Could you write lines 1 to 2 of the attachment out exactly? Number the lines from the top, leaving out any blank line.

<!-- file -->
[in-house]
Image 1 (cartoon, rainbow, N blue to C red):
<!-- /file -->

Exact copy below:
[in-house]
Image 1 (cartoon, rainbow, N blue to C red):